As for expansion, the match type bullets, according to Hornady, are not to be used for game as there performance can't be predicted. The Sierra BTHP match bullets apparently are destructive and are used by the military for this purpose with a nod and a wink in addition to their accuracy.

There are HP varmint bullets. They are designed to basically disintegrate on impact to minimize downrange hazards. Some of them are so fragile that they will fly apart in flight if they are shot too fast through a too high rate of twist barrel.
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Old 11-17-2012, 18:53   #15
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Also, there are/were some combloc steel jacketed HP rounds sold cheap at one time. They looked like they would be good expanders, but apparently some of them acted just like ball ammo.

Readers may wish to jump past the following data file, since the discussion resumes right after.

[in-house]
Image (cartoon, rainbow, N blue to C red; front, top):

Overall, you need to see what a specific bullet was designed for. The bullet/ammo companies make the bullets/ammo for specific purposes.
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Old 11-18-2012, 07:26   #16
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Quote:
Originally Posted by WiskyT View Post
According to my old Hornady manual, the BTHP match bullets, Hornady's anyway. are made that way for two reasons. The HP makes the bullet longer for a given weight which increases the bearing surface. Also, the HP allows the base to be closed which means it's more uniform. A uniform base is critical to accuracy.

As for expansion, the match type bullets, according to Hornady, are not to be used for game as there performance can't be predicted. The Sierra BTHP match bullets apparently are destructive and are used by the military for this purpose with a nod and a wink in addition to their accuracy.

There are HP varmint bullets. They are designed to basically disintegrate on impact to minimize downrange hazards. Some of them are so fragile that they will fly apart in flight if they are shot too fast through a too high rate of twist barrel.
I had forgotten all about that - the fact that HP or SP bullet have enclosed bases.